We also had some trouble using the message field in ember-validations, as it overwrites i18n and appeared to be setting the message value before we set our i18n-js locale, causing all our error messages to be stuck in english.

We fixed it by changing the message from trying to translate the string to just returning the translation key and changing the view accordingly to handle the translation there instead.

Ember Starter Kit

Tagged: ember.js, i18n-js, ember-validations

Ember Data Sideloading for Objects with Nonstandard Primary Keys

By Chris Zhang

This builds off the sideloading ApplicationSerializer introduced in this article and adapts it to handle JSON objects that don't have "id" as their primary key. Several instances where this might come up are when handling currencies or countries.

Let's start with data that looks like:

Sample Data

If we import this using the previously defined sideloading serializer, we end up with four currencies, each with a generated id, which can quickly start to clutter our store when we start handling dozens or hundreds of prices in multiple different currencies.

In order to fix this, we need to look at the sideloadItem method.

Original

primaryKey in this case is always set to "id", because this in our case refers to the ApplicationSerializer rather than the serializer for item. Ember Data always needs an id for its records, so what we can do instead of letting each currency generate a new one is set the id here based on some other primary key.

At this point, type is the class of the item (App.Currency) and item is the payload of the json, which should look something like this (note that it hasn't been run through the serializer for its class yet):

{  iso_id: "USD", symbol: "$", delimiter: "," }
                

So what we can do is shove an id into the item before pushing it into the sideload array, by checking to see if the class has a nonstandard primary key that we want to store as the id of the item.

new

And to set the rawPrimaryKey (raw because we want the key the json gives us, because we haven't yet normalized it to the class's actual ) as a class attribute, we need to reopen the it, as so:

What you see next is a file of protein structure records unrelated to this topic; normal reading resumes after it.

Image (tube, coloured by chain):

App.Currency.reopenClass({   rawPrimaryKey: "iso_id" })
                

Now, loading the data gives us four prices and two currencies, with the added bonus that comparing the currencies of two prices with the same currency should now work as expected without needing a custom compare method.

The final file looks like:

Final

Tagged: ember.js, ember-data, sideloading

Sorting Ember ArrayController

By Estella Madison ( @chicagoing )

Last April, I presented at the Ember NYC meetup to discuss different approaches for sorting an ArrayController. This is a short synopsis, you can learn more in the meetup video and slides.

To sort an Ember ArrayController you may have used the included SortableMixin sortProperties and sortAscending properties. These are great and work really well for sorting on one property or sorting on multiple properties all in the same direction. But that's a huge caveat, SortableMixin does not allow you to sort by multiple properties in different directions.

For example, suppose you have a list of books you want to display, with the most recent at the top. Using the SortableMixin, this is done by setting sortProperties and sortAscending, and then referencing the arrangedContent property in our template or view:

Ember Starter Kit

While sortProperties lets us specify more than one property to order by, you'll notice sortAscending is a boolean value and gets applied to all properties. But what if we wanted to sort by the publish date first in descending order, then by title in ascending order? We're unable to sort in different directions without applying a custom sort function (which can get cumbersome).

Welcome Ember.computed.sort

The Computed Property Macros have several methods for creating common types of computed properties. Ember.computed.sort allows us to:

  • Sort properties by different criteria
  • Use a custom comparison function when needed
  • Sort by computed properties

Ember.computed.sort has two parameters:

  1. dependentKey: a reference to the content we're sorting
  2. sortDefinition: either a string referencing the property key containing the sort definition or a custom sort function

In the example below, sortDefinition is the property key propertiesToSortBy, which is an array of property keys and the corresponding sort direction. By default, properties are sorted in ascending order, but by appending ":desc" to the key we can change the sort direction. This allows to specify a different sort direction for each property:

Ember Starter Kit

Your template or view will need to reference sortedBooks to reflect the sorted content. See the complete JS Bin example.

Don't forget to check out the slides below for links to more examples.

Ember.js NYC Meetup Presentation

Tagged: ember.js